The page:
Lottery Winner Can Sue|Over Withheld Winnings

     (CN) – A $10,000 lottery winner has standing to sue New York City for intercepting half his winnings to reimburse the state for his participation in a state-funded public assistance program, the 2nd Circuit ruled.

     When Walter Carver hit the jackpot, the state intercepted and redirected $5,000 of his $10,000 winnings to the city, for which Carver worked for minimum wage under a state-funded “workfare” program.
     Under New York law, the state is entitled to up to half the lottery winnings of any welfare recipient who wins more than $600.
     Carver filed a class action against the city and various officials, claiming they violated the Constitution’s takings clause, along with state and federal minimum wage laws.
     The district court ruled that Carver lacked standing, because the city was not directly responsible for his alleged injuries.
     But a three-judge panel in Manhattan partially reinstated Carver’s lawsuit, ruling 2-1 that the lower court prematurely dismissed the minimum-wage claims.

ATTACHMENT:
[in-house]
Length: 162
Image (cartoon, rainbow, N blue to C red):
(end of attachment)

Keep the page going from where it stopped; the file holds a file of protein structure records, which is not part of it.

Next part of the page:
“Carver pertinently claims that the City defendants violated state and federal labor law by paying him minimum wage while requiring that he return some portion of those wages in the event he won the lottery,” Chief Judge Dennis Jacobs wrote for the majority.
     “On this theory, Carver was directly injured by the City’s alleged failure to abide by state and federal labor law when compensating him for his work.”
     Although the majority reinstated the minimum-wage claims, it expressed “no opinion” on the merits of his claims.
     Judge Ralph Winter dissented, saying Carver’s beef is with the state, not the city.
     “The City has done absolutely nothing to cause the loss to Carver of his lottery winnings,” Winter wrote.
     He also noted that Carver has sued New York in state court for the full $5,000, half of which was disbursed to the city after deducting state tax.
     “The judicial, municipal, and private resources poured into Carver’s attempt to recover $5,000 must be in excess of six figures,” Winter added. “Now we have to face a remand to the district court followed perhaps by another appeal to this court.”

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